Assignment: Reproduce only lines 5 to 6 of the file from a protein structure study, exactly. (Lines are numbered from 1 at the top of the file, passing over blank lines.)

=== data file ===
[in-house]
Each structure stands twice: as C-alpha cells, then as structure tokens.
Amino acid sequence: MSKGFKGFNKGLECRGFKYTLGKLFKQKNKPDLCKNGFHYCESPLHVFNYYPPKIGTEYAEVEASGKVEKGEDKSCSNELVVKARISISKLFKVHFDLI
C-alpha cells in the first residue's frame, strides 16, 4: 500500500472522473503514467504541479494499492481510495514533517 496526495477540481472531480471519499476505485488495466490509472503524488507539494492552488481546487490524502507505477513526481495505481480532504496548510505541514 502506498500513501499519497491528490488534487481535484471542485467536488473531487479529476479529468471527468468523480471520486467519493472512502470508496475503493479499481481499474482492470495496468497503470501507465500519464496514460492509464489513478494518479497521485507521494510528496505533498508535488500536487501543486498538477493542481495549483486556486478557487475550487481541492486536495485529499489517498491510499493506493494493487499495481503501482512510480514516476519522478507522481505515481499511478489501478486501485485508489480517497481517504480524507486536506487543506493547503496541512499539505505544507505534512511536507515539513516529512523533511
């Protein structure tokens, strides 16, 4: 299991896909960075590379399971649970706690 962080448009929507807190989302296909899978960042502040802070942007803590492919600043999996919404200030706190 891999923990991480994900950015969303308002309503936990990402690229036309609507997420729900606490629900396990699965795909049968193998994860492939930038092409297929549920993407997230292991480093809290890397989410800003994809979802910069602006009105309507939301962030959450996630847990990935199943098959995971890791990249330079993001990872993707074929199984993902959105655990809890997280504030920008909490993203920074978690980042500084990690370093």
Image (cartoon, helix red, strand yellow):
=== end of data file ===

């Protein structure tokens, strides 16, 4: 299991896909960075590379399971649970706690 962080448009929507807190989302296909899978960042502040802070942007803590492919600043999996919404200030706190 891999923990991480994900950015969303308002309503936990990402690229036309609507997420729900606490629900396990699965795909049968193998994860492939930038092409297929549920993407997230292991480093809290890397989410800003994809979802910069602006009105309507939301962030959450996630847990990935199943098959995971890791990249330079993001990872993707074929199984993902959105655990809890997280504030920008909490993203920074978690980042500084990690370093």
Image (cartoon, helix red, strand yellow):